Sagan said: "We should pay attention to how badly we want to believe a given contention. The more badly we want to believe it, the more skeptical we have to be. It involves a kind of courageous self discipline. Nobody says itís easy." I believe his point, fairly read, is that we should have the courage to resist forcing the data into a preconceived meaning no matter how badly we would like to to do it. Sagan agrees with you that we know only a tiny, pitiful amount so far.

[Carl Sagan, Varieties of scientific experience, pages 229-230.]

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#210028 - 10/20/10 11:46 PM Re: How to find the truth? [Re: dweste]
dweste Offline
Pooh-Bah

Registered: 02/16/08
Posts: 2463
Loc: Central California
I am loving this thread, in part because it is going in direstions and into places I did not forsee! I thought we might be discussing how to find out the truth about things we observe in nature, get from the media, etcetera. Instead we are sharing out thoughts about the limits of science, and even a little about the intersection of belief and science, etcetera.

I can't wait to see what comes next!

P.S. I am impressed by the civil tone of most of the discussion. You guys are great!

P.P.S. Thank you moderators for having patience with us.


Edited by dweste (10/20/10 11:47 PM)

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#210029 - 10/20/10 11:52 PM Re: How to find the truth? [Re: dweste]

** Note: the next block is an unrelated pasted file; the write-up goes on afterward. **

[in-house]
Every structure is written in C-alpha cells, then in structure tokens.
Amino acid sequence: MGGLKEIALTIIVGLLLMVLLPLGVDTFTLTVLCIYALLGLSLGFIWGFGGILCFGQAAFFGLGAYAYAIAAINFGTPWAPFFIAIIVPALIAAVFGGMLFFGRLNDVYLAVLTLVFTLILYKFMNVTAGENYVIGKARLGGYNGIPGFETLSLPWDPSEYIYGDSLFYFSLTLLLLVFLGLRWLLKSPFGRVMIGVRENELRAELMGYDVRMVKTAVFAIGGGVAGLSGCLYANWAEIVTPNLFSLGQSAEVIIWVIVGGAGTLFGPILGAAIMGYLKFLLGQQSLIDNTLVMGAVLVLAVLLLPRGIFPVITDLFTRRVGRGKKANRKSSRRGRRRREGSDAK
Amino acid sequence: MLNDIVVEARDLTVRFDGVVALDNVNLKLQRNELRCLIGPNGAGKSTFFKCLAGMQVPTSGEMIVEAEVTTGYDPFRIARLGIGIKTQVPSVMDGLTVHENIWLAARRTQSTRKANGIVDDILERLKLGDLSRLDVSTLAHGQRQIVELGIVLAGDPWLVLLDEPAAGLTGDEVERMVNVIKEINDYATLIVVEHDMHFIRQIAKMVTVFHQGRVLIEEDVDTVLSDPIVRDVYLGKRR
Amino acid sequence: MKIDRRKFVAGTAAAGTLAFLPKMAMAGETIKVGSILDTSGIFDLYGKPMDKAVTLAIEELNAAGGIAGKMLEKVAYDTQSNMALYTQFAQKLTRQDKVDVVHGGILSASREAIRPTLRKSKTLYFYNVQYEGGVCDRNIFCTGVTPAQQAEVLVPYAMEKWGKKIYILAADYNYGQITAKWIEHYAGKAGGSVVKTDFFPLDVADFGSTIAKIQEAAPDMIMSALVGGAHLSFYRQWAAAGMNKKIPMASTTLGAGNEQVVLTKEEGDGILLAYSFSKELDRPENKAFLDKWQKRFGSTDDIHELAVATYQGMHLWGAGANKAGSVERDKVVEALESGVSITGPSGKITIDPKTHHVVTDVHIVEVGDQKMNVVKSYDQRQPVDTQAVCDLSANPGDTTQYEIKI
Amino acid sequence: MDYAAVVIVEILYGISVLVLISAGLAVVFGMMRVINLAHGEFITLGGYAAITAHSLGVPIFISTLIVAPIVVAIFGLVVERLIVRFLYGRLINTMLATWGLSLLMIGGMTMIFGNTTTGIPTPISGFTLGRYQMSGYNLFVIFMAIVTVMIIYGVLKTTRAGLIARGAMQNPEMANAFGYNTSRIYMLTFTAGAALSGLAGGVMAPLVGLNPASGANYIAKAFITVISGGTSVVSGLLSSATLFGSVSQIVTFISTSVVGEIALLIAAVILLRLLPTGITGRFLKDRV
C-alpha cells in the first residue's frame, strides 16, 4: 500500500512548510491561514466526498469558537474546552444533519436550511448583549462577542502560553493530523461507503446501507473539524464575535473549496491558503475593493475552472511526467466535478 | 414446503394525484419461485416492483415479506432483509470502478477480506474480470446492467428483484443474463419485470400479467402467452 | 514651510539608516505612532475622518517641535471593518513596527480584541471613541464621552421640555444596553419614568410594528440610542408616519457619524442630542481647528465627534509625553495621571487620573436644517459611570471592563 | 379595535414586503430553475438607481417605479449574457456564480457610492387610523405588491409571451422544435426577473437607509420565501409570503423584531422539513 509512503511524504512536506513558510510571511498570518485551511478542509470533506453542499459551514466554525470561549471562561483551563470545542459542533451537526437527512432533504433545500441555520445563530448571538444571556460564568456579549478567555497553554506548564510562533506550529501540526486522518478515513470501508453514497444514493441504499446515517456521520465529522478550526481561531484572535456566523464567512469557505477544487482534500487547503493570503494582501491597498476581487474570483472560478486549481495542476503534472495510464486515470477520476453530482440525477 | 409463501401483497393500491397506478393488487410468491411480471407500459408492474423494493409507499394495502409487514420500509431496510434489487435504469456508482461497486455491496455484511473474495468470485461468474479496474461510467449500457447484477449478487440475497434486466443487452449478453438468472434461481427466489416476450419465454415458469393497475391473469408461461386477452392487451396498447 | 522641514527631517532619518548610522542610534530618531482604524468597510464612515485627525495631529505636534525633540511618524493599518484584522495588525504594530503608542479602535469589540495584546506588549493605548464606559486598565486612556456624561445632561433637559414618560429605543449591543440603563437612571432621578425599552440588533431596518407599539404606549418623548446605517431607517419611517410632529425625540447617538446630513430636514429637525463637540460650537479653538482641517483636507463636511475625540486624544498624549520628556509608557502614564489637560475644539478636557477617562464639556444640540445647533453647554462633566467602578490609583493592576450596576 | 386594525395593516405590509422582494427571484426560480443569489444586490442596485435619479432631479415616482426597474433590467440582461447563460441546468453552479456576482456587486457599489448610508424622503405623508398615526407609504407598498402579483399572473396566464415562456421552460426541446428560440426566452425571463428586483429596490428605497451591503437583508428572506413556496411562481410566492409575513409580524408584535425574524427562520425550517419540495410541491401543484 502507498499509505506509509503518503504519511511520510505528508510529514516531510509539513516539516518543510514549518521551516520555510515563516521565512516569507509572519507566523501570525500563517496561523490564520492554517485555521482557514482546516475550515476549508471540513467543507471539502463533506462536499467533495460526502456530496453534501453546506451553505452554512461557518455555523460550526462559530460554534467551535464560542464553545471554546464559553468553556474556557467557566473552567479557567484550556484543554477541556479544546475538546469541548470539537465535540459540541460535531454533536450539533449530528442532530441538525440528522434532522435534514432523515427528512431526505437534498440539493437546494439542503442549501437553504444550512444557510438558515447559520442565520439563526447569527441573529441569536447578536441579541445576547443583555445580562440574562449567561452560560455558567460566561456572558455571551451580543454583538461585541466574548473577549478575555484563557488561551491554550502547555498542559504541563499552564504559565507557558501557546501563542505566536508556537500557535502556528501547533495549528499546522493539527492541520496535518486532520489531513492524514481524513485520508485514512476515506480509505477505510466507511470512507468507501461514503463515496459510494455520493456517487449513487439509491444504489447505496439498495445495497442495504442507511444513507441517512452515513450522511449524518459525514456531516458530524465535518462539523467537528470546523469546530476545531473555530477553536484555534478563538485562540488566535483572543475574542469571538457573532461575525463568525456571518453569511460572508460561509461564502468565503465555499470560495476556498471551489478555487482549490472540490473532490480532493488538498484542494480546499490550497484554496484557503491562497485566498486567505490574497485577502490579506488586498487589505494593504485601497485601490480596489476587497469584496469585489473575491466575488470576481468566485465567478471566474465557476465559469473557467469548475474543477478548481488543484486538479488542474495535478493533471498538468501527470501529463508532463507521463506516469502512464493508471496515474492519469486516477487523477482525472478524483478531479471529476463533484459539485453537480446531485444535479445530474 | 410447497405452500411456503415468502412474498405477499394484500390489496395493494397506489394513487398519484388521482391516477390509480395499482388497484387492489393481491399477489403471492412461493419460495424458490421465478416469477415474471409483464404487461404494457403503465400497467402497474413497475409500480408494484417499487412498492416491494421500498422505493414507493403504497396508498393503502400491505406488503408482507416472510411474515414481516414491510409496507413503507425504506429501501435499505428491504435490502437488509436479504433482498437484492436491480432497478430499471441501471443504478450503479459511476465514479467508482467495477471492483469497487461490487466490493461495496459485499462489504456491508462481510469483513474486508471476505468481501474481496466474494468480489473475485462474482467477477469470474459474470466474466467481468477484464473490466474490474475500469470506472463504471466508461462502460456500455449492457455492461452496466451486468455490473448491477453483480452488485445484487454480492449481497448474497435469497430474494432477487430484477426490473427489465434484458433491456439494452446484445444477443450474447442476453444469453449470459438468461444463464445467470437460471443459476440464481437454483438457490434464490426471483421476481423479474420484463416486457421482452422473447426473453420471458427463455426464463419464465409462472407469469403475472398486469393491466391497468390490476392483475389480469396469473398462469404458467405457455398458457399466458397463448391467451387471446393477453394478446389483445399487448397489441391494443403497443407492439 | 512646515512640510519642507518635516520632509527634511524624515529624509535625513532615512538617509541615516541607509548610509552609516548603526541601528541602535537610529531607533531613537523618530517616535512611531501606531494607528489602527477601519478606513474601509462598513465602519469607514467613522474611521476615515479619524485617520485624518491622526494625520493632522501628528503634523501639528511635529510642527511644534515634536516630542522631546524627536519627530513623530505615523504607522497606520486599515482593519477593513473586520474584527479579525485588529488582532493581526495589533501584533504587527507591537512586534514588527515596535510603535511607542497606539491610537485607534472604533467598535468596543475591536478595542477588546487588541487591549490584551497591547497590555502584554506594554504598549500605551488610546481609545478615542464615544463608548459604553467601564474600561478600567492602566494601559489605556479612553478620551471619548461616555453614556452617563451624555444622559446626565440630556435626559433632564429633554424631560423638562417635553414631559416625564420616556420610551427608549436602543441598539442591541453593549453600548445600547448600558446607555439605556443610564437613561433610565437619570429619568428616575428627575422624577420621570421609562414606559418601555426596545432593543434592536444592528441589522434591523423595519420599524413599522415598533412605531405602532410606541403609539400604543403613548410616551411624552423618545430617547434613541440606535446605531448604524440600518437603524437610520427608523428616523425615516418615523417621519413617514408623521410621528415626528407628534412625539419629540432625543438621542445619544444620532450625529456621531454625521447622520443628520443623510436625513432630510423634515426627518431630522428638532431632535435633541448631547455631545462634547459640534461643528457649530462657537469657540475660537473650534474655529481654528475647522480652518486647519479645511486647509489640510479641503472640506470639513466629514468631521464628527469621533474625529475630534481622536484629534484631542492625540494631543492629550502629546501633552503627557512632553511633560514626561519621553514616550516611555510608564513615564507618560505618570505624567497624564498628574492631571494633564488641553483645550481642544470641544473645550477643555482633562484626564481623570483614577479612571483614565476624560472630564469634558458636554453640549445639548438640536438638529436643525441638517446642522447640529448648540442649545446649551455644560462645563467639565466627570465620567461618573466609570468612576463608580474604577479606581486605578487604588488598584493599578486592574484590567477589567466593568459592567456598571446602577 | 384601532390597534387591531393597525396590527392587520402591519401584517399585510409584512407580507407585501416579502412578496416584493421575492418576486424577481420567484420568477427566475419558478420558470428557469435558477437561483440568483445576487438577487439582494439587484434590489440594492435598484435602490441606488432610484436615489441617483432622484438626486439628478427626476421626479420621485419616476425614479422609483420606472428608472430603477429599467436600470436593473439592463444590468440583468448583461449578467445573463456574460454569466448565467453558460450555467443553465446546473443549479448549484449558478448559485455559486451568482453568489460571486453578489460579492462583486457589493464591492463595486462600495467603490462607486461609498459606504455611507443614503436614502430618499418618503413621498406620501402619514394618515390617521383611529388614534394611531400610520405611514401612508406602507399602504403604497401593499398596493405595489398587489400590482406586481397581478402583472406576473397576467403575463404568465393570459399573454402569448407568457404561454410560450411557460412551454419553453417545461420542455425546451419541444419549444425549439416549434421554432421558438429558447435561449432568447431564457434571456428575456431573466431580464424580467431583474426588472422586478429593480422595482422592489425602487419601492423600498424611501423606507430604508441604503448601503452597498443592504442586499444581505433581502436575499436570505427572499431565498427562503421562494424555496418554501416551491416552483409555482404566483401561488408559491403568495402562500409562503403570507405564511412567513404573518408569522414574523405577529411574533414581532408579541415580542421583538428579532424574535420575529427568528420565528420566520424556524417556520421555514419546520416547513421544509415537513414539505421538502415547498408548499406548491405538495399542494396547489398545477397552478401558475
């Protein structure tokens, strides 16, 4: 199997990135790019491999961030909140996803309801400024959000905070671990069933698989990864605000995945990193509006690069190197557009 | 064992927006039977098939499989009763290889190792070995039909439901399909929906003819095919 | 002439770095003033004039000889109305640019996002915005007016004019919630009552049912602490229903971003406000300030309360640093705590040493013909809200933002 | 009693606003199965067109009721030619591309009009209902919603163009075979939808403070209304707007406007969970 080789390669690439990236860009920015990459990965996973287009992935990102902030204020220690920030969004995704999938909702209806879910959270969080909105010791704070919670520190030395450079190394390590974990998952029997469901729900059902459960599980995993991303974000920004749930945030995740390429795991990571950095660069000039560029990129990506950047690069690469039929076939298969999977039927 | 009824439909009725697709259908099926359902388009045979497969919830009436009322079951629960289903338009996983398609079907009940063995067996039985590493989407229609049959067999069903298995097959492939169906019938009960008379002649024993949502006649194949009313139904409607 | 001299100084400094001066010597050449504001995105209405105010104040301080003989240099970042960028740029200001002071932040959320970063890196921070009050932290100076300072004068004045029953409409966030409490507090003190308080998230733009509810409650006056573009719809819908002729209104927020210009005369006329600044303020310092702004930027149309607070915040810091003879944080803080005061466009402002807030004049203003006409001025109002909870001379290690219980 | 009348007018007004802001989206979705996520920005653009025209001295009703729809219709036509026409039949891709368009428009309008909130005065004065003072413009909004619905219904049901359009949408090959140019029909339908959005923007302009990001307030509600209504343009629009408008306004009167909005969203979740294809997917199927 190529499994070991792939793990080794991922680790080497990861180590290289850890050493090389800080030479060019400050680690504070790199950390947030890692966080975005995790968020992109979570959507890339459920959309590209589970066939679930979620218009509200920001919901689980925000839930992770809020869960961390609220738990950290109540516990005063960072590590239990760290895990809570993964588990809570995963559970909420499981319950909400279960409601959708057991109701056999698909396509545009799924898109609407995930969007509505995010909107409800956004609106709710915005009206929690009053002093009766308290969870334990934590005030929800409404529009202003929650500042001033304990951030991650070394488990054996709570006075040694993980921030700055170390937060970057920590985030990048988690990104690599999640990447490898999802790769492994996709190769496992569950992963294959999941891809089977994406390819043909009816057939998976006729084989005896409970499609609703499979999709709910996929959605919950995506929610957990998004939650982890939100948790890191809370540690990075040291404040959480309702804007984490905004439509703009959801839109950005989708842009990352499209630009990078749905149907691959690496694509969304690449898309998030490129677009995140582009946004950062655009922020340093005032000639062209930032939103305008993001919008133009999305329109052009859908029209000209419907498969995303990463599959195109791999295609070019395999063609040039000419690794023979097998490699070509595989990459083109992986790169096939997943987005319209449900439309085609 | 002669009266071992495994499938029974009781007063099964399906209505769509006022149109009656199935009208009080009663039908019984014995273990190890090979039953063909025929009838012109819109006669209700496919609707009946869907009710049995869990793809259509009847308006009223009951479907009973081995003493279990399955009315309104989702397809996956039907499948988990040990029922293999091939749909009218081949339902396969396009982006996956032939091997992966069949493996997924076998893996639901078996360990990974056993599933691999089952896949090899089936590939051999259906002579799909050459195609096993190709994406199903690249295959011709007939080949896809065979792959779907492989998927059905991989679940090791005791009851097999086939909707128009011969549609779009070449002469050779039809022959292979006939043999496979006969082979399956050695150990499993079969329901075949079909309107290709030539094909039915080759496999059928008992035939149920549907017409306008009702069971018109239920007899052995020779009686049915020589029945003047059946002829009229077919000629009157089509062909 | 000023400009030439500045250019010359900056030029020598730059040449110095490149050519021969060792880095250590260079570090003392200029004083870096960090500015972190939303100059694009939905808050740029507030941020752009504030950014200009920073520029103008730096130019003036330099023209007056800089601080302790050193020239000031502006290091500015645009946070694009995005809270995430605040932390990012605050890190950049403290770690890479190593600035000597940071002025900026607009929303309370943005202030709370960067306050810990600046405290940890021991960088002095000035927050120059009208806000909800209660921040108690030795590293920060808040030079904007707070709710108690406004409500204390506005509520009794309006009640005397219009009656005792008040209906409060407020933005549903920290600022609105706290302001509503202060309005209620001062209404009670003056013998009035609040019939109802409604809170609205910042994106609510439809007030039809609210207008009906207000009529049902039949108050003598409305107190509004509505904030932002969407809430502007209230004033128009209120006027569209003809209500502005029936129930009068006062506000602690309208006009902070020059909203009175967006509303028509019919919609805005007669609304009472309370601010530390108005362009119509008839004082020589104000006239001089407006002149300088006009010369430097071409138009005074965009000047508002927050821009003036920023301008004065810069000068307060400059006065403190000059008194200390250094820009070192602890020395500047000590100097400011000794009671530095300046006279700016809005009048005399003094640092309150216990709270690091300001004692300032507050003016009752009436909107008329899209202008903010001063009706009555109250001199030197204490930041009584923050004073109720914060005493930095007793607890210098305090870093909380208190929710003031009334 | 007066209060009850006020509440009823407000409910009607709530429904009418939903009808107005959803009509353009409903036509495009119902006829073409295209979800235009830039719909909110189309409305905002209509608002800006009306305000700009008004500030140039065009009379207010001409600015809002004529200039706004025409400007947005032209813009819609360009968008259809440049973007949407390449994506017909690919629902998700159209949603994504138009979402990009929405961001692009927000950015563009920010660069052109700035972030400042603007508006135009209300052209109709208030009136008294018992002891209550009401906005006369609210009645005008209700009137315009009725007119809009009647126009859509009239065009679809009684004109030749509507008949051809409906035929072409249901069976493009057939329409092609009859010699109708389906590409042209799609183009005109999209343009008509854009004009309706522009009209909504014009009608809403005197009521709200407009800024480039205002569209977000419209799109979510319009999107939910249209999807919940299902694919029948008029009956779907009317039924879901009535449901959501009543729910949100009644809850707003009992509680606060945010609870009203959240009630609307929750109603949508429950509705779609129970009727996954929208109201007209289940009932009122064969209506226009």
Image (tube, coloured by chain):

Byrd_Huntr Offline
Old Hand

Registered: 01/28/10
Posts: 1160
Loc: MN, Land O' Lakes & Rivers ...
I certainly believe in science, and we are better off for it. The problem for me is something you allude to in this posting. A scientist emerges from his secret laboratory and makes a pronouncement. "Eureka! xyz is now a 'proven' scientific fact." This pronouncement remains a trumpeted fact for true believers until the inevitable day when a new 'proven' scientific contradictory fact is announced. Everyone celebrates and awards are showered upon all involved by old Scandinavian liberals. No one mentions the obvious fact that the original infallible pronouncement was wrong. Thus, science is an endless series of 'true and proven' facts celebrated by the believers, whereas the times traditional belief pronouncements are found lacking they are cited endlessly for centuries as obvious failures of faith-based belief.
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The man got the powr but the byrd got the wyng

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#210032 - 10/20/10 11:59 PM Re: How to find the truth? [Re: dweste]
Byrd_Huntr Offline
Old Hand

Registered: 01/28/10
Posts: 1160
Loc: MN, Land O' Lakes & Rivers ...
Originally Posted By: dweste
Sagan said: "We should pay attention to how badly we want to believe a given contention. The more badly we want to believe it, the more skeptical we have to be. [Carl Sagan, Varieties of scientific experience, pages 229-230.


A very true statement, but apparently some of the scientific community and the broadcast media would disagree with Carl when it comes to manmade global warming.
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The man got the powr but the byrd got the wyng